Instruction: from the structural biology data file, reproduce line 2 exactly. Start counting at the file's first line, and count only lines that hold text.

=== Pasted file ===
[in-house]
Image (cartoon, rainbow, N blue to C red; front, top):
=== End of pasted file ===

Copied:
Image (cartoon, rainbow, N blue to C red; front, top):